• Speech Recognition — The ability to identify and understand the speech of another person.
  • Category Flexibility — The ability to generate or use different sets of rules for combining or grouping things in different ways.
  • Far Vision — The ability to see details at a distance.
  • Flexibility of Closure — The ability to identify or detect a known pattern (a figure, object, word, or sound) that is hidden in other distracting material.
  • Fluency of Ideas — The ability to come up with a number of ideas about a topic (the number of ideas is important, not their quality, correctness, or creativity).
  • Memorization — The ability to remember information such as words, numbers, pictures, and procedures.
  • Originality — The ability to come up with unusual or clever ideas about a given topic or situation, or to develop creative ways to solve a problem.
  • Selective Attention — The ability to concentrate on a task over a period of time without being distracted.
  • Speed of Closure — The ability to quickly make sense of, combine, and organize information into meaningful patterns.

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Work Activities

  • Training and Teaching Others — Identifying the educational needs of others, developing formal educational or training programs or classes, and teaching or instructing others.
  • Making Decisions and Solving Problems — Analyzing information and evaluating results to choose the best solution and solve problems.
  • Assisting and Caring for Others — Providing personal assistance, medical attention, emotional support, or other personal care to others such as coworkers, customers, or patients.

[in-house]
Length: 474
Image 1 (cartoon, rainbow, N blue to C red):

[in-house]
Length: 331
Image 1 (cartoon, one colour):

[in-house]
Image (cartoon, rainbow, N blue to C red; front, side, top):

• Updating and Using Relevant Knowledge — Keeping up-to-date technically and applying new knowledge to your job.
  • Establishing and Maintaining Interpersonal Relationships — Developing constructive and cooperative working relationships with others, and maintaining them over time.
  • Identifying Objects, Actions, and Events — Identifying information by categorizing, estimating, recognizing differences or similarities, and detecting changes in circumstances or events.
  • Evaluating Information to Determine Compliance with Standards — Using relevant information and individual judgment to determine whether events or processes comply with laws, regulations, or standards.
  • Getting Information — Observing, receiving, and otherwise obtaining information from all relevant sources.
  • Organizing, Planning, and Prioritizing Work — Developing specific goals and plans to prioritize, organize, and accomplish your work.
  • Monitor Processes, Materials, or Surroundings — Monitoring and reviewing information from materials, events, or the environment, to detect or assess problems.
  • Communicating with Supervisors, Peers, or Subordinates — Providing information to supervisors, co-workers, and subordinates by telephone, in written form, e-mail, or in person.
  • Interacting With Computers — Using computers and computer systems (including hardware and software) to program, write software, set up functions, enter data, or process information.
  • Documenting/Recording Information — Entering, transcribing, recording, storing, or maintaining information in written or electronic/magnetic form.
  • Analyzing Data or Information — Identifying the underlying principles, reasons, or facts of information by breaking down information or data into separate parts.
  • Interpreting the Meaning of Information for Others — Translating or explaining what information means and how it can be used.
  • Communicating with Persons Outside Organization — Communicating with people outside the organization, representing the organization to customers, the public, government, and other external sources. This information can be exchanged in person, in writing, or by telephone or e-mail.